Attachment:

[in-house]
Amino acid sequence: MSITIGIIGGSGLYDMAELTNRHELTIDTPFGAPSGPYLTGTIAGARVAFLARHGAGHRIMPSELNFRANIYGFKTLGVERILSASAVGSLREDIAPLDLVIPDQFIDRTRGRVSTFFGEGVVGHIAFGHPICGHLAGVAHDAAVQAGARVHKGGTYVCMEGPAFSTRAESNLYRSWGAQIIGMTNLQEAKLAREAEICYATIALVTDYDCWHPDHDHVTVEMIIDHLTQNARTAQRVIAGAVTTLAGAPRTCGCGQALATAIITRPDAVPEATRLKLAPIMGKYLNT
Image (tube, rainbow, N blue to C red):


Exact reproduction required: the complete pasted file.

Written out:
[in-house]
Amino acid sequence: MSITIGIIGGSGLYDMAELTNRHELTIDTPFGAPSGPYLTGTIAGARVAFLARHGAGHRIMPSELNFRANIYGFKTLGVERILSASAVGSLREDIAPLDLVIPDQFIDRTRGRVSTFFGEGVVGHIAFGHPICGHLAGVAHDAAVQAGARVHKGGTYVCMEGPAFSTRAESNLYRSWGAQIIGMTNLQEAKLAREAEICYATIALVTDYDCWHPDHDHVTVEMIIDHLTQNARTAQRVIAGAVTTLAGAPRTCGCGQALATAIITRPDAVPEATRLKLAPIMGKYLNT
Image (tube, rainbow, N blue to C red):